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Autumn 2001

by Ian Stewart

Here are some comments of my own, having recently returned from a very enjoyable 2 week holiday in Ecuador.

I wasn't there as a hardcore birder, although I did organise my trip loosely around good bird spots (I had originally intended to use Ecuador as a stopping off point for a more grandiose trip to the Galapagos, but financial circumstances meant that I ended up just travelling around Ecuador, and wasn't diappointed).

After a few days getting used to things in Quito's new town, a reasonably safe, hassle-free, westernized area which I recommend to any recently arrived 'gringo', I headed off to Mindo, a famous birding destination a mere 2-3 hour bus ride from the capital.

I liked Mindo, it has a nice small village feel to it, I spent the first morning just walking around in the sunshine, watching old men fixing motorbikes while Latino music blared out through the doorways of various restaurants and shops. Lots of birds to see just around town, my favourite was probably the pale-legged horneros in the park, a lovely rich pale fawn colour. The bridge in the main street was a good spot to sit and watch  black phoebes and torrent tyrannulets, and things like blue-grey tanager and lemon-rumped tanager are common.

I stayed in the Hotel Gypsy, a great place, only four dollars a night for my own room, reasonably comfortable, it has a nice balcony around the back overlooking the garden, a good place to try and photograph tanagers, anis, seedeaters, bananaquits etc, also saw great kiskadee from here.

The staff are very friendly and I ended up eating there every night as the food was good. Very popular spot with budget travellers, lots of backpackers hanging out in hammocks etc etc. The husband of the younger girl knows his birds and tipped me off about a trogon down by the river.

There are several trails you can go on around town, some parts of the forest you have to pay to enter, but there is a road heading out of town east of the Gypsy which was an easy walk and quite productive, I saw several spinetails, antwrens, squirrel cuckoos, tropical parula, euphonias, barbets, brush finches, more tanagers (including the gorgeous golden, and the very dapper swallow tanager!). The road goes over two bridges, I regularly saw white-capped dippers from them, and apparently, torrent dusks and sunbittern are possible from both). Just after the first bridge there is the Hotel Colibres, which boasts a large veranda and a conveniently situated hummingbird feeder. This was a great place, you can sit and eat, or just have a coffee, and watch the hummingbirds close up, a good bunch of them too, including green crowned brilliant, green thorntail, empress brilliant, andean emerald, white-whiskered hermit, and my favourite, white necked jacobin! Be warned however, the lad!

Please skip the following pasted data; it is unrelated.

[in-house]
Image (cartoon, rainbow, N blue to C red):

y charges 10 dollars if you want to take photgraphs of them! I thought this was ridiculous and refused to pay, since she didn't tell me this until after I had taken a few photos. To her credit, she let me off!

I went on a guided walk in the morning to see a cock-of-the-rock lek, which was a great experience, we also saw more tangers that day and a stunning pair of golden-headed quetzals bouncing about very visibly in a stand of thin trees. I saw a couple of cock of the rocks even when wandering causally around Mindo gardens during the afternoon, stunning birds. For non-birders, the butterfly rearing farm at Mindo is a nice way to pass the time, and a very rare opportunity to photograph butterflies close up without them flying off (they are inside a large tented garden, and very approachable, presumably used to humans).